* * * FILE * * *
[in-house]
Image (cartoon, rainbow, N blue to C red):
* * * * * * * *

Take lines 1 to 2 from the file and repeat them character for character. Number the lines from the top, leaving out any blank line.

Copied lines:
[in-house]
Image (cartoon, rainbow, N blue to C red):